Review of ‘Baby Tawnies’
Please welcome to Children’s Books Daily, Fiona Eastwood. Fiona is a primary school teacher librarian at Coopers Plains State School. ‘Baby Tawnies’ is a delightful book for younger readers – it is currently one of PudStar’s favourites.
Title: ‘Baby Tawnies’
Author/Illustrator: Judy Paulson
Publisher: Random House
Age Range: Early Childhood – Lower Primary
Themes: facing fears, growing up, courage, new skills, siblings, family, role models, habitat, nests, nocturnal, birds, tawny frogmouths
A classic tale of spreading your wings, with an Australian twist.
As darkness falls, two tawny frogmouths fly into the forest to find food.
Far above the ground, Reggie and Lyla are left alone.
But the little tawnies don’t plan to stay in the nest . . .
‘Baby Tawnies’ is a thoroughly enjoyable and informative story from author- illustrator Judy Paulson about facing fears, growing up and embracing life.
Lyla and Reggie are tawny frogmouth fledglings (not owls says the information at the back). Mother brown and father grey leave them in the nest each night in search of tasty morsels for their babies. The bold Lyla takes the lead and gets out of the nest and stretches her wings. The reluctant Reggie is glued to the nest; then the branch by his fears.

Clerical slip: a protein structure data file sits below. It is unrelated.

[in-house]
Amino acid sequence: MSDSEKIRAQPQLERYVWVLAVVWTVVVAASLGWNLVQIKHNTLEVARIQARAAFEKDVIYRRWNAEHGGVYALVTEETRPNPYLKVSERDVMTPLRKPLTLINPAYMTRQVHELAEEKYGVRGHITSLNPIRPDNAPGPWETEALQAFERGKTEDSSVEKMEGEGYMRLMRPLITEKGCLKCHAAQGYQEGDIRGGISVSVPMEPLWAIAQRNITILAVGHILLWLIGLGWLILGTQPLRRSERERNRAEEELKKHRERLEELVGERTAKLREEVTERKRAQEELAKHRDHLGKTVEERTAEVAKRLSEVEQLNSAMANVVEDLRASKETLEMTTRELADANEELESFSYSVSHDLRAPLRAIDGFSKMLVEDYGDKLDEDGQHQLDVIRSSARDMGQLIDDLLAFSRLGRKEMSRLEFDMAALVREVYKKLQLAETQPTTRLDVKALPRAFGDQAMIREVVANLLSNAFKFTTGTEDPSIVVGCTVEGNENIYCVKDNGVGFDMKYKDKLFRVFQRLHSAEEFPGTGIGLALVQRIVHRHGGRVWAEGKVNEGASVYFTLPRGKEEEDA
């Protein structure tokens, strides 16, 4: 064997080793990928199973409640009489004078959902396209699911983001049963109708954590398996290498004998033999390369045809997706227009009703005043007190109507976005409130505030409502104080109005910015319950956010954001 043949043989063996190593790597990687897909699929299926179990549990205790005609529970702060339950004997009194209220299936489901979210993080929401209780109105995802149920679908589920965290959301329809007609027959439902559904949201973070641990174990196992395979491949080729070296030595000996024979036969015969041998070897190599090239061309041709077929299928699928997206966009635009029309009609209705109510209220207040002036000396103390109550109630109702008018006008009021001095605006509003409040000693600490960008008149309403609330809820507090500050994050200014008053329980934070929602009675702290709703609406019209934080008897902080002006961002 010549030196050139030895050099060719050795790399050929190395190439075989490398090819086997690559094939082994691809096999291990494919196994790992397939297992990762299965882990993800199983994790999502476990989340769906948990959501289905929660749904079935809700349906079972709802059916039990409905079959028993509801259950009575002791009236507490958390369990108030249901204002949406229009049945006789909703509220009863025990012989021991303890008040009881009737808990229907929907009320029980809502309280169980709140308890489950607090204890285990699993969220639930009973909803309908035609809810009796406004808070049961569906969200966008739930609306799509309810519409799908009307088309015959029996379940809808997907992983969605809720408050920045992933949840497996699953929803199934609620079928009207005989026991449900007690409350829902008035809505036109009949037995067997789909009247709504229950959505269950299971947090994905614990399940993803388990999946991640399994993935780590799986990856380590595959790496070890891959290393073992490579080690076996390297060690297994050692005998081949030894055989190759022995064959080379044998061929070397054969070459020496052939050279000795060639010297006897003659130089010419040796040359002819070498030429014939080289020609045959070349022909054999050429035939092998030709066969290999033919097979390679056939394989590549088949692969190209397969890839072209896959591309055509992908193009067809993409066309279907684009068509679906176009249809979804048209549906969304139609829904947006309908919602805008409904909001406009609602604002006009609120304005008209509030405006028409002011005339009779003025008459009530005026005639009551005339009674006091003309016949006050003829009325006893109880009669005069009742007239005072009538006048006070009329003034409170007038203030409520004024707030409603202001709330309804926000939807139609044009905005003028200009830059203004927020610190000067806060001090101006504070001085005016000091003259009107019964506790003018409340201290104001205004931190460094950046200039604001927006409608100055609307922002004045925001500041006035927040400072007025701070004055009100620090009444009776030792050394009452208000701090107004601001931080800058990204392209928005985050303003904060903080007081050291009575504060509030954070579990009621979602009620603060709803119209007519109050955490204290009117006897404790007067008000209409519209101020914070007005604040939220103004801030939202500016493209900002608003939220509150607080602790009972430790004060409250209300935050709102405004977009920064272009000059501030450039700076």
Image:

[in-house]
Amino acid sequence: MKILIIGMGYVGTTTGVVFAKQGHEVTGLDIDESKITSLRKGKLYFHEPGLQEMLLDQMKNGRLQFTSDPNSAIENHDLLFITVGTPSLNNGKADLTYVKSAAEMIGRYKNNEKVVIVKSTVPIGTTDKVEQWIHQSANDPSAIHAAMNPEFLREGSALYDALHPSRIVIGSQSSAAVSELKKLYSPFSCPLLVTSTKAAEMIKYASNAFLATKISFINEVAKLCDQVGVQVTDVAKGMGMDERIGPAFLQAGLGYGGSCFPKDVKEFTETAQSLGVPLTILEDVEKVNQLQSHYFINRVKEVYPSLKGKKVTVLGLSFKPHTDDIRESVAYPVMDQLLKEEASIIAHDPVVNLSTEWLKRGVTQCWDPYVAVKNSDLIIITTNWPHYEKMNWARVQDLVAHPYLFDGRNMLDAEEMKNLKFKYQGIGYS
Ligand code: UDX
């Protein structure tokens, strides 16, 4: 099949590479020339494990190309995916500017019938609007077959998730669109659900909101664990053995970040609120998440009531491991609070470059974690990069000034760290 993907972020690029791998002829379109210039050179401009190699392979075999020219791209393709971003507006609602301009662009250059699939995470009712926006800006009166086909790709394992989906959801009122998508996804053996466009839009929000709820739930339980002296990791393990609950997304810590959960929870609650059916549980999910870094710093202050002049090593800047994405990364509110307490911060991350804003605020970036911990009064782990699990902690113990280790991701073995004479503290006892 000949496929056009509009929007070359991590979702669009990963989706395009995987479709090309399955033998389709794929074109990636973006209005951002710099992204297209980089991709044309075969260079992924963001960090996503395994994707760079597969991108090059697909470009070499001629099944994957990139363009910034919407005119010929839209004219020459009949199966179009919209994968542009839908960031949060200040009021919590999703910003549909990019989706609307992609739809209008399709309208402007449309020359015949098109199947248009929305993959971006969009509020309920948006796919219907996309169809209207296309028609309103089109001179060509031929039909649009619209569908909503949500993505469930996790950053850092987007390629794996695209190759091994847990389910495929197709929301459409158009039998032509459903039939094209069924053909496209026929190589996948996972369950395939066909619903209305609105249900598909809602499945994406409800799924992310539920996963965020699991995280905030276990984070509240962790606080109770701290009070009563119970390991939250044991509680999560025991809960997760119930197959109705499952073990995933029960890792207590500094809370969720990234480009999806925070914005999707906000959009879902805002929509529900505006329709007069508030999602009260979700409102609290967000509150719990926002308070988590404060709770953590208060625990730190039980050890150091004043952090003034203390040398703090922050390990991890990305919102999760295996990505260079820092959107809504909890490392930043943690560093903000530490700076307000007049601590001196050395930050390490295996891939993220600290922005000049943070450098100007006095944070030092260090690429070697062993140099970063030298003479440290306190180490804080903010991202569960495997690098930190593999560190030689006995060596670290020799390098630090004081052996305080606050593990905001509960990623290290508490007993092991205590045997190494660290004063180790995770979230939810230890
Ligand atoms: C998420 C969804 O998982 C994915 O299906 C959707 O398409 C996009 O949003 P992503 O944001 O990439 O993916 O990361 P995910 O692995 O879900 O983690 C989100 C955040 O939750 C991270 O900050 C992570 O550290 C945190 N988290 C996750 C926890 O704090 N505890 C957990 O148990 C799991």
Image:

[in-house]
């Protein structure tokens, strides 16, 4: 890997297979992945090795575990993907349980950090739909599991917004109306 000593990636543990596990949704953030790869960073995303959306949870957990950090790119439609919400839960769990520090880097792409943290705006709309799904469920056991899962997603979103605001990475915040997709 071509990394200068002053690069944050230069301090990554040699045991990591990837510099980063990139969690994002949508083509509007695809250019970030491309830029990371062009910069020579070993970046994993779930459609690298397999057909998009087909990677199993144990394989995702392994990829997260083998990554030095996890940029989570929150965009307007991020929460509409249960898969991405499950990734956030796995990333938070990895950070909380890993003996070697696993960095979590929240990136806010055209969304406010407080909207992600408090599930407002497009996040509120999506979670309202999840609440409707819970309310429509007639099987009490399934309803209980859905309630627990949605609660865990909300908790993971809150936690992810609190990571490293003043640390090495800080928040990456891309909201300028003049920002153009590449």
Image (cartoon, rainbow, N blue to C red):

This charming twist to the boy-girl stereotype will intrigue young readers as will the lyrical language used. Judy Paulson raises the bar with her vocabulary – employing alliteration, simile and metaphor. The story flows in white font on a night blue background with the pictures enhancing every page. The detailed and delightful illustrations have been collaged from 3D felt images.
‘Baby Tawnies’ is highly recommended for early years for a library or bedtime read. Or if teachers want to be mean and keep the pictures a surprise, then a lesson on inferring could easily take shape.
Teachers notes are here.